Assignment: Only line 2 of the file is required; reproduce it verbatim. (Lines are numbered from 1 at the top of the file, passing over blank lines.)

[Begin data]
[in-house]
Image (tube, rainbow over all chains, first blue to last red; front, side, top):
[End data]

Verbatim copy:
Image (tube, rainbow over all chains, first blue to last red; front, side, top):